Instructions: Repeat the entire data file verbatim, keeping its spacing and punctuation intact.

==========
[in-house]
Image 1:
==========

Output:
[in-house]
Image 1: